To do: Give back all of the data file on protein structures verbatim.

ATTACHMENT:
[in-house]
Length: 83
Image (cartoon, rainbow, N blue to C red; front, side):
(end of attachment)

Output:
[in-house]
Length: 83
Image (cartoon, rainbow, N blue to C red; front, side):